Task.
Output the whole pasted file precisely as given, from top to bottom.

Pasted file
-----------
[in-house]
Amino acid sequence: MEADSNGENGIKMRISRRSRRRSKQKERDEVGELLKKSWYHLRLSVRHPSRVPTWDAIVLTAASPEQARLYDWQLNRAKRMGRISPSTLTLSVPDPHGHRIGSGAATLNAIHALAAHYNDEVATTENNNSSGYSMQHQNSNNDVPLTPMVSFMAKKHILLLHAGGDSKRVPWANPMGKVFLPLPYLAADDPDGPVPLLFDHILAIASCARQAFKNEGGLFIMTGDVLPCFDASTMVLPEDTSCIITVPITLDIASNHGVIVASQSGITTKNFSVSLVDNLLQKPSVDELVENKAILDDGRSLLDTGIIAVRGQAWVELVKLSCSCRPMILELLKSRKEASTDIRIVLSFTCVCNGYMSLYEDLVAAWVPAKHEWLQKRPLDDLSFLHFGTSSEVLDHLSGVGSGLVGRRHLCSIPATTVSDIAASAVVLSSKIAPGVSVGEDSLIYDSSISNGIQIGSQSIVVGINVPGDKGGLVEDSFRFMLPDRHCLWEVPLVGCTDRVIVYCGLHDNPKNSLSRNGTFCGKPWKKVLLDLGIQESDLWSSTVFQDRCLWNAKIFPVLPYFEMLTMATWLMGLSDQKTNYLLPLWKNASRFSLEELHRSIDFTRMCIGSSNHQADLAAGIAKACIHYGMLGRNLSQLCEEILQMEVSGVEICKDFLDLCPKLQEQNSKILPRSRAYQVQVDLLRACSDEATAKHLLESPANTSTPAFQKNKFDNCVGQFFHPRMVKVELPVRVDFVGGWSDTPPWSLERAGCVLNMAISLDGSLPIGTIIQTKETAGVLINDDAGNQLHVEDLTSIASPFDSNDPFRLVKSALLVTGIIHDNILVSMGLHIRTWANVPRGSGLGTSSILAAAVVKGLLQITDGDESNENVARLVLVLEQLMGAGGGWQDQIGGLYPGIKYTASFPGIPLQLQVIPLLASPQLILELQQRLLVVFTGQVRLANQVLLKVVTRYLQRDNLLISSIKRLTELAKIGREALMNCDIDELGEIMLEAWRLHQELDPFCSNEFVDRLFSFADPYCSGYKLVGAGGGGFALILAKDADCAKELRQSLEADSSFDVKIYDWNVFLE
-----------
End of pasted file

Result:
[in-house]
Amino acid sequence: MEADSNGENGIKMRISRRSRRRSKQKERDEVGELLKKSWYHLRLSVRHPSRVPTWDAIVLTAASPEQARLYDWQLNRAKRMGRISPSTLTLSVPDPHGHRIGSGAATLNAIHALAAHYNDEVATTENNNSSGYSMQHQNSNNDVPLTPMVSFMAKKHILLLHAGGDSKRVPWANPMGKVFLPLPYLAADDPDGPVPLLFDHILAIASCARQAFKNEGGLFIMTGDVLPCFDASTMVLPEDTSCIITVPITLDIASNHGVIVASQSGITTKNFSVSLVDNLLQKPSVDELVENKAILDDGRSLLDTGIIAVRGQAWVELVKLSCSCRPMILELLKSRKEASTDIRIVLSFTCVCNGYMSLYEDLVAAWVPAKHEWLQKRPLDDLSFLHFGTSSEVLDHLSGVGSGLVGRRHLCSIPATTVSDIAASAVVLSSKIAPGVSVGEDSLIYDSSISNGIQIGSQSIVVGINVPGDKGGLVEDSFRFMLPDRHCLWEVPLVGCTDRVIVYCGLHDNPKNSLSRNGTFCGKPWKKVLLDLGIQESDLWSSTVFQDRCLWNAKIFPVLPYFEMLTMATWLMGLSDQKTNYLLPLWKNASRFSLEELHRSIDFTRMCIGSSNHQADLAAGIAKACIHYGMLGRNLSQLCEEILQMEVSGVEICKDFLDLCPKLQEQNSKILPRSRAYQVQVDLLRACSDEATAKHLLESPANTSTPAFQKNKFDNCVGQFFHPRMVKVELPVRVDFVGGWSDTPPWSLERAGCVLNMAISLDGSLPIGTIIQTKETAGVLINDDAGNQLHVEDLTSIASPFDSNDPFRLVKSALLVTGIIHDNILVSMGLHIRTWANVPRGSGLGTSSILAAAVVKGLLQITDGDESNENVARLVLVLEQLMGAGGGWQDQIGGLYPGIKYTASFPGIPLQLQVIPLLASPQLILELQQRLLVVFTGQVRLANQVLLKVVTRYLQRDNLLISSIKRLTELAKIGREALMNCDIDELGEIMLEAWRLHQELDPFCSNEFVDRLFSFADPYCSGYKLVGAGGGGFALILAKDADCAKELRQSLEADSSFDVKIYDWNVFLE